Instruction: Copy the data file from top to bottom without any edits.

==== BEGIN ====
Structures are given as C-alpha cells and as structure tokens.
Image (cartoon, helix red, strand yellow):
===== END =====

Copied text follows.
Structures are given as C-alpha cells and as structure tokens.
Image (cartoon, helix red, strand yellow):